Chinese demand "phenomenal", says Citrus Australia
In a release, Citrus Australia general manager for market development Andrew Harty said China was looking for volumes up to three times what was shipped last year.
"The demand from China has been phenomenal," he said.
Only the growers who have carried out the required management techniques and registered with the Department of Agriculture, Fisheries and Forestry (DAFF) are eligible to export to China, which Harty explained would mean a shortage of suitable oranges available.
However, he highlighted the number of registered citrus blocks had risen by two to three times in the last two years.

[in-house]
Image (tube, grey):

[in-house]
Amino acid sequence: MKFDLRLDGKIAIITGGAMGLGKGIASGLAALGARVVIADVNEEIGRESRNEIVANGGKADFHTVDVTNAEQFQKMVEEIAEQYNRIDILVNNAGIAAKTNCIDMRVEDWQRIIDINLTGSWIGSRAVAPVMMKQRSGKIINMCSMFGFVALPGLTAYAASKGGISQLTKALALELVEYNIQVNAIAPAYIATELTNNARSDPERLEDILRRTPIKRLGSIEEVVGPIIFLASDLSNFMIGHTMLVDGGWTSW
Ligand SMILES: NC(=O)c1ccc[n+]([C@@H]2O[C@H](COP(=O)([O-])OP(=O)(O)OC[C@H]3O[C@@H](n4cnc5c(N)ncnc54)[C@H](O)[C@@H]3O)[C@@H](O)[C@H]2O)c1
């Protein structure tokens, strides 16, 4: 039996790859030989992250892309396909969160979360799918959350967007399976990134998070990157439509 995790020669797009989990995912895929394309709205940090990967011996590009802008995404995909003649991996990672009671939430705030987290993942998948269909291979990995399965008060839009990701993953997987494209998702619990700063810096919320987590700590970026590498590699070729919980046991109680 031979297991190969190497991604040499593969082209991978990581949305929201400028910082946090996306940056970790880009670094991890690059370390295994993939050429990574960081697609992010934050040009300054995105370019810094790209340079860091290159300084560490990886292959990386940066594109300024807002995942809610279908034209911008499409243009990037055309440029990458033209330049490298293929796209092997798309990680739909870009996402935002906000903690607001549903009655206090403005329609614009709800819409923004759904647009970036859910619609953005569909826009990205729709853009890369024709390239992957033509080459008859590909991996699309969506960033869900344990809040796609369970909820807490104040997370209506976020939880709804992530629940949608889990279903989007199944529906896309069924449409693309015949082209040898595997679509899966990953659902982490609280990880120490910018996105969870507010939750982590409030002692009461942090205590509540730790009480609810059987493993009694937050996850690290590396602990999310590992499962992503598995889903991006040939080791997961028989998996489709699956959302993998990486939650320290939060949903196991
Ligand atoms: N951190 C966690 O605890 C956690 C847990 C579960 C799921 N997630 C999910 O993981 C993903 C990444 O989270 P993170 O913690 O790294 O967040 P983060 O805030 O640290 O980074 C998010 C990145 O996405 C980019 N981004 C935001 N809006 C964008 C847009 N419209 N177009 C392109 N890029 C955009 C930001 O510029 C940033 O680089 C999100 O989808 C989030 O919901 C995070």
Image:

China's citrus ban on California citrus has given Australia a greater window in the market, while a smaller Californian crop has improved its prospects in Japan.
"The inventory levels in Japan indicate that supply is well down on last year. This means we can get in with a much cleaner start, with better orders. The depreciation of the Japanese yen is however causing some price pressure," Harty said.
He added exports to the U.S. also looked promising now the country was not marketing under the single importer rules.
"Now there are many importers and the very early indications are there will be more fruit going to the States to fill niche markets, such as for smaller fruit."
The industry is also hoping the 5% improvement in the exchange rate will continue as a constant.